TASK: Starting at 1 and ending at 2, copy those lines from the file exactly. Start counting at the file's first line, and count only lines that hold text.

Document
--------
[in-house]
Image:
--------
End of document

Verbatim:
[in-house]
Image: